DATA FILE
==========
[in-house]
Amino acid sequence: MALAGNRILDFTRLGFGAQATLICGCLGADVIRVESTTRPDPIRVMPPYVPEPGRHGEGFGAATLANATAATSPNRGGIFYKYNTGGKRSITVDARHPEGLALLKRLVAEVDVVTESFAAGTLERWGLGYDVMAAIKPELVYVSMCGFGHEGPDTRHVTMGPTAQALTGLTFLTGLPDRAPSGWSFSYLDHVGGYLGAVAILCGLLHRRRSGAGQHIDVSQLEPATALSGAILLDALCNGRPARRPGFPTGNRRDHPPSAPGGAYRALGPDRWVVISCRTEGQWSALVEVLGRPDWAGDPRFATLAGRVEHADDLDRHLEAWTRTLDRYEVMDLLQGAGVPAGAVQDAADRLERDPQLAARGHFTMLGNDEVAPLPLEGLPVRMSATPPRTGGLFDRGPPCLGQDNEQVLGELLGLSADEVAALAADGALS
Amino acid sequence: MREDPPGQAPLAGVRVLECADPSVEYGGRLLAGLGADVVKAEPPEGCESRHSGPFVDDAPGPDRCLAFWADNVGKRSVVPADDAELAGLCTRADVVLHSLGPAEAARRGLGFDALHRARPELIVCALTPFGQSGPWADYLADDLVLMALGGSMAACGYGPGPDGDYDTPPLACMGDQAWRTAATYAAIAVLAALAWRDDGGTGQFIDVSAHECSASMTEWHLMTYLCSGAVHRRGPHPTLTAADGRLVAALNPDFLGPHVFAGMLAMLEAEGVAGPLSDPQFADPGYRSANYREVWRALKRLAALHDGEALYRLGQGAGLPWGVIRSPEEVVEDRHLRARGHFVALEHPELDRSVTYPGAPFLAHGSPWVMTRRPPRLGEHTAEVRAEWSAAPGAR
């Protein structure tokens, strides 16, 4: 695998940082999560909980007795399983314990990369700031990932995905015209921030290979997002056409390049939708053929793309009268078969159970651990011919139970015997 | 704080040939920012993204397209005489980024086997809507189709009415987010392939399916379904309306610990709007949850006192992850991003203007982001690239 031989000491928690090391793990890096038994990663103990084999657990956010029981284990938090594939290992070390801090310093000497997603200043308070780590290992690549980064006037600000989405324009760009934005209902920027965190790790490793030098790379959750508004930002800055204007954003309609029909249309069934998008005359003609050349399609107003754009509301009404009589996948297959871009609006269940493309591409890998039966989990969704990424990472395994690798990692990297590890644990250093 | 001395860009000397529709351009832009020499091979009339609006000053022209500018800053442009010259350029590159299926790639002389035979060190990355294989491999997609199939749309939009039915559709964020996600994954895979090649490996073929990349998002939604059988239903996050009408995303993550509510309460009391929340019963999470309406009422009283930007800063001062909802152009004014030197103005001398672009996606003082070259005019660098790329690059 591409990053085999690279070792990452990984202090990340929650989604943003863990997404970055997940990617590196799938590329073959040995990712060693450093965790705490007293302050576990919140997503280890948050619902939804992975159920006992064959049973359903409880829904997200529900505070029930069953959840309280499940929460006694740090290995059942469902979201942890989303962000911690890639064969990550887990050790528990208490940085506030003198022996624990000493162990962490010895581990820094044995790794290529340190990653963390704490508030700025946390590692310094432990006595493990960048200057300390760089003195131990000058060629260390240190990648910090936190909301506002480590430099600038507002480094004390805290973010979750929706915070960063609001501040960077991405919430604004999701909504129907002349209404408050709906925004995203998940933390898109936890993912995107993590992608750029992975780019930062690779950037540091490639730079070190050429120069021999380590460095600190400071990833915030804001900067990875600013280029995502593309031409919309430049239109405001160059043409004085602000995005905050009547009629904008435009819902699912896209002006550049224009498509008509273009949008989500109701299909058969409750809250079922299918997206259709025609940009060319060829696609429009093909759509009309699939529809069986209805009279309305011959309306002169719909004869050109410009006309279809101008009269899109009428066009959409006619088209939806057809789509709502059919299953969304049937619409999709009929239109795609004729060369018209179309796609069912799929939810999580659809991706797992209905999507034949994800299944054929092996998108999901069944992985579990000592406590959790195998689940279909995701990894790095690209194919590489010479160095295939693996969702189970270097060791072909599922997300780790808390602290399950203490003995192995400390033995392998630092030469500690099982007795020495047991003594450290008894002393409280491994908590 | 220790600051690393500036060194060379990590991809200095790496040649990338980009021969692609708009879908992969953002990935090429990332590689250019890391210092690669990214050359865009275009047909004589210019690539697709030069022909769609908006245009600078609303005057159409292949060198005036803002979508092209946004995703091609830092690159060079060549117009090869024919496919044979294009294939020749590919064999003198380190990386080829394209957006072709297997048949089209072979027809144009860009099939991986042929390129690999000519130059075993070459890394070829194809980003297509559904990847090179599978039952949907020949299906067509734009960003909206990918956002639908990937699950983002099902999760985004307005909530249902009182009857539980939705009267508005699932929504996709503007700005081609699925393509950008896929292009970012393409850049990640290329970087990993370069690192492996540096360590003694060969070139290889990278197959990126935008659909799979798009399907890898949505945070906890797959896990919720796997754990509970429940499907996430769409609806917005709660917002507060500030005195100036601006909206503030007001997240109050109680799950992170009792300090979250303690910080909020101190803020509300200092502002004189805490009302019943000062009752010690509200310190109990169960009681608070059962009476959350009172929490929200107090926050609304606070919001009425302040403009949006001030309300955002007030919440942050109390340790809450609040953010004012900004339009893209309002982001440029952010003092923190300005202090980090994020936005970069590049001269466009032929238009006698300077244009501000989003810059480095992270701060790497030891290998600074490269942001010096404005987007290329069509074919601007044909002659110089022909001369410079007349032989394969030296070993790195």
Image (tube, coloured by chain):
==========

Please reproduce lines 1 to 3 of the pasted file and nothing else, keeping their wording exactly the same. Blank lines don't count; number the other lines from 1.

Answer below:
[in-house]
Amino acid sequence: MALAGNRILDFTRLGFGAQATLICGCLGADVIRVESTTRPDPIRVMPPYVPEPGRHGEGFGAATLANATAATSPNRGGIFYKYNTGGKRSITVDARHPEGLALLKRLVAEVDVVTESFAAGTLERWGLGYDVMAAIKPELVYVSMCGFGHEGPDTRHVTMGPTAQALTGLTFLTGLPDRAPSGWSFSYLDHVGGYLGAVAILCGLLHRRRSGAGQHIDVSQLEPATALSGAILLDALCNGRPARRPGFPTGNRRDHPPSAPGGAYRALGPDRWVVISCRTEGQWSALVEVLGRPDWAGDPRFATLAGRVEHADDLDRHLEAWTRTLDRYEVMDLLQGAGVPAGAVQDAADRLERDPQLAARGHFTMLGNDEVAPLPLEGLPVRMSATPPRTGGLFDRGPPCLGQDNEQVLGELLGLSADEVAALAADGALS
Amino acid sequence: MREDPPGQAPLAGVRVLECADPSVEYGGRLLAGLGADVVKAEPPEGCESRHSGPFVDDAPGPDRCLAFWADNVGKRSVVPADDAELAGLCTRADVVLHSLGPAEAARRGLGFDALHRARPELIVCALTPFGQSGPWADYLADDLVLMALGGSMAACGYGPGPDGDYDTPPLACMGDQAWRTAATYAAIAVLAALAWRDDGGTGQFIDVSAHECSASMTEWHLMTYLCSGAVHRRGPHPTLTAADGRLVAALNPDFLGPHVFAGMLAMLEAEGVAGPLSDPQFADPGYRSANYREVWRALKRLAALHDGEALYRLGQGAGLPWGVIRSPEEVVEDRHLRARGHFVALEHPELDRSVTYPGAPFLAHGSPWVMTRRPPRLGEHTAEVRAEWSAAPGAR